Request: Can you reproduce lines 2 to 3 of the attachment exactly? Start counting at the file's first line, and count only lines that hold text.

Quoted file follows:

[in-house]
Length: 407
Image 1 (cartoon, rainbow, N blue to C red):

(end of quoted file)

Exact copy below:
Length: 407
Image 1 (cartoon, rainbow, N blue to C red):